So, I’m working on https://learn.freecodecamp.org/coding-interview-prep/project-euler/problem-7-10001st-prime where for given parameter `n`

I need to return n-th prime number. My code works, but it’s not fast enough. Any suggestions?

```
function isPrimeNumber(number) {
for (let i = 2; i < number; i++) {
if (number % i == 0) return false;
}
return true;
}
function nthPrime(number) {
let counter = number - 1;
let currentNumber = 1;
if (number == 2) return counter;
while (counter) {
currentNumber += 2;
if (isPrimeNumber(currentNumber)) counter--;
}
return currentNumber;
}
```

The method you’re using here is woefully inefficient, for a few reasons

You’re testing every number if it’s divisible by every number below it, which is wasteful effort

You only need to try prime factorise it with all primes found so far. Recall that every number can be expressed as a product of prime factors. If you prime factor a number with all primes smaller than it, what remains is either 1 or another prime to add to the list

Having said that, it’s probably worth investing in a prime number generator. You’ll have to do a bit of research as to which to consider (the sieve of Eratosthenes needs too large a space without certain nontrivial modifications in js, trivial in Haskell)

Edit: I phrased this incorrectly, I didn’t mean that you need to actually do the prime factorisation, just that the only numbers you need to check divisibility of are the prior primes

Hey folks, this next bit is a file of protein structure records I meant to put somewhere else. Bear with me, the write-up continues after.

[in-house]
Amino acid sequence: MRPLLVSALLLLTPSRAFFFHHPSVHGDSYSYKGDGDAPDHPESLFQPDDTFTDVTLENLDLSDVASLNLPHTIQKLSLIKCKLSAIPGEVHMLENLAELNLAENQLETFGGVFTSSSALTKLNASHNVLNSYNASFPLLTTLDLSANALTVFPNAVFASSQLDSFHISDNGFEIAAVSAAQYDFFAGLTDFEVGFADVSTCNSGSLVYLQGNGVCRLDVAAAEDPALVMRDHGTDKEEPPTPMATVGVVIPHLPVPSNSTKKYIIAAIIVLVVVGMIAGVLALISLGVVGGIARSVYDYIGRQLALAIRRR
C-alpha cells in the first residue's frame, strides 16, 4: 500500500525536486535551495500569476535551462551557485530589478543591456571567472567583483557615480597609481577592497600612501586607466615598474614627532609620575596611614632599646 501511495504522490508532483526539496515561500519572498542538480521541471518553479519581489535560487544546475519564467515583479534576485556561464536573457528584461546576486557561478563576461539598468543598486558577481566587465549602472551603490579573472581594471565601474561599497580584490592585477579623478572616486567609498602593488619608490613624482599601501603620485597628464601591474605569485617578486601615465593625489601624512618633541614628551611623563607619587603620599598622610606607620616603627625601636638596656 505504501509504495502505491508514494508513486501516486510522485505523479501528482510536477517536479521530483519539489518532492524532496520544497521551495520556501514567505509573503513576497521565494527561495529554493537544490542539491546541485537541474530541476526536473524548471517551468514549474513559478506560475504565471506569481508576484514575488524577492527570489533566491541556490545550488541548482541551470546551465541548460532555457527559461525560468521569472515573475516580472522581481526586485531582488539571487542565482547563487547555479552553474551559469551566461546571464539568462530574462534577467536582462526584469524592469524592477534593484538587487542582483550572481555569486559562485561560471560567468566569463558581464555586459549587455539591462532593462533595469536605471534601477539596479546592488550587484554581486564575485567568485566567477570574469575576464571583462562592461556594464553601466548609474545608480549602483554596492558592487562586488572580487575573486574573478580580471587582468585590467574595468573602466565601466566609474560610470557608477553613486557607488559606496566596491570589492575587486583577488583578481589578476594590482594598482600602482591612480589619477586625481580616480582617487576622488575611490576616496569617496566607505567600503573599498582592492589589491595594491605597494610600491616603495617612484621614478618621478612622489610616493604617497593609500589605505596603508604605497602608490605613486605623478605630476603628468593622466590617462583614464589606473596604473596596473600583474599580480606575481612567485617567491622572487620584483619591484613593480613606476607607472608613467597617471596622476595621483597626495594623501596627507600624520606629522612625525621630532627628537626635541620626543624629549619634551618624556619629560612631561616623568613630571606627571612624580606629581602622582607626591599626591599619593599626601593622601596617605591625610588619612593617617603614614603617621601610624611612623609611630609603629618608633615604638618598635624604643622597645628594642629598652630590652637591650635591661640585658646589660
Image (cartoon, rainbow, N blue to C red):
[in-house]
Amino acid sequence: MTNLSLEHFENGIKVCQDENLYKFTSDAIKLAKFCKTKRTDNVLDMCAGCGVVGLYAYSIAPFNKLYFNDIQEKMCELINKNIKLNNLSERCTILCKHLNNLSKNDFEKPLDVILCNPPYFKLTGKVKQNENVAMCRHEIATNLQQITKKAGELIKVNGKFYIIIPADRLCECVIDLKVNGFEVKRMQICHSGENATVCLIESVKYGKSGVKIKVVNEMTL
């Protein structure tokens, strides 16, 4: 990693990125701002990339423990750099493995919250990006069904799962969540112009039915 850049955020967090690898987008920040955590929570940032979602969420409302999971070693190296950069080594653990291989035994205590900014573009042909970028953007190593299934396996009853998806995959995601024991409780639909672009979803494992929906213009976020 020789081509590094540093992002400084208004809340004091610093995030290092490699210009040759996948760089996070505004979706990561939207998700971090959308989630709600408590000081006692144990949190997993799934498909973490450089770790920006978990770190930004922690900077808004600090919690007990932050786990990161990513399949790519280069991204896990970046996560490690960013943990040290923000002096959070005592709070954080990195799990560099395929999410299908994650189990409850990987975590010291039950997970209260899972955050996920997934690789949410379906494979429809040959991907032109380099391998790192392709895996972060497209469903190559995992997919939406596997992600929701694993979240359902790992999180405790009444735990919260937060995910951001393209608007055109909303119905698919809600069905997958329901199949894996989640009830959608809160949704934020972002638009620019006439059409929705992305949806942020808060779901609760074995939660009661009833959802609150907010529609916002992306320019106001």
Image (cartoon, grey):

1 Like

Yeah, your suggestion was helpful and my current solution is way faster… for param = 1000 it takes only 20ms(with previous solution it took about 160ms) and for param = 10001 it takes about 1958 ms(previously it took about 20000ms)… But it’s still not enough for tests to pass…

here is my current solution…

```
function nthPrime(number) {
let counter = number - 1;
let currentNumber = 1;
const primeNumbers = [2];
if (number == 2) return currentNumber;
while (counter) {
currentNumber += 2;
let flag = true;
for(let i = 0, count = primeNumbers.length; i < count; i++) {
if(currentNumber % primeNumbers[i] == 0) {
flag = false;
break;
}
}
if (flag) {
counter -= 1;
primeNumbers.push(currentNumber);
}
}
return currentNumber;
}
```

I don’t like the fact I’m using flag. I need to figure out something else…

This is a great example of why big O notation is important. So many chances to add inneficiencies. You keep having to check the same numbers.

I think the best bet is to implement a sieve of Eratosthenes. That is usually the most efficient way to find prime numbers.

I see your point… I’ll try to improve the solution with these new insights on mind…